The Top 10 Implementation Pitfalls of a Safety Observation Program

Safety observations are an important piece of the puzzle in transforming an organization's safety culture. They shine a light on workplace behaviors and safety conditions. Safety observations, if done well, should make safety conversations second nature, reinforce safe work practices and show trends in unsafe work practices. There is no doubt incorporating an observation program into an organization is necessary when trying to evolve to an interdependent safety culture. However, there are several pitfalls an organization can fall into that can lead to disaster.

1. Lack of management commitment. There are a few reasons management may not be committed to the safety observation program.
a. Some managers may feel safety is the "working man's problem." Since they may not be in the front line of danger in their organization, needing to be safe "isn't their problem."
b. They really don't understand how the program works. It's just something they were instructed to put in place. If management doesn't show support for the program and its processes, it will fail.

2. Management not setting a good example. Whether it's top management or line management, the maximum level of safety an organization can expect from its employees is the minimum demonstrated from leadership.

3. The observation program should not be punitive. If workers see this program as another way to catch and punish them for doing something wrong, the program will fail. A safety observation program is one way to show your employees you care. It's not just about productivity or bottom line profits. It's showing concern for their well-being.

4. Viewing safety as less important than production, cost, quality or morale. Safety should be viewed as equal to production, cost, quality and morale. Safety should not be a priority, as priorities tend to change. Working safely should be a constant expectation and a condition of employment.

5. Not following specified training method. The observation program chosen should have a history of proven results. The instructional design of the program is purposeful and therefore the process should be rolled out as instructed. There should be no unapproved shortcuts.

6. Failure to acknowledge safe work practices. An observation program is not just about correcting unsafe or at-risk behaviors. It's just as important to acknowledge safe work practices. This reinforces the employees desire to keep working safely.

7. Not gathering relevant data. The data gathered should be relevant to the environment. For instance, if personal protective equipment is not required at a particular site, having a section for personal protective equipment for reporting would not be necessary. The safety data gathered should reflect the jobs and tasks conducted at the facility.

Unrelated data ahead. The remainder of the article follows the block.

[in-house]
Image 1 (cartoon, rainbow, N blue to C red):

8. Failure to track observation results. Observing safety should happen all the time. However, planned, documented (formal) safety observations should take place on a regular basis. Tracking your observation data allows management to see where their organization's successes and pain points are. Organizations should be able to track by observer, date, site, department, area or shift. The name of the person should never be documented.

9. Not sharing data results. If data results are not shared with the employees, formal safety observations may seem like busy work. This is when you start to get quantity over quality. Sharing the data lets the employees know there is a reason for their efforts and action will be taken, whether it's in the form of training, investigation or corrective action.

10. Creating unhealthy competition and quotas. Turning this into a game will defeat the purpose of having an observation program. Competition and quotas can lead to invalid data gathering. For the sake of "winning" employees start to record incorrect/invalid data for the simple task of turning something in. Conversations will be foregone. Resulting trends may be inaccurate. The goal here is a culture shift, not a temporary data collection process.

What challenges do you foresee in your organization? The key to a successful implementation is preventing negative issues. Thinking about and planning ahead for possible issues and theoretically working through how to prevent them up front will lead you through a smooth implementation process.

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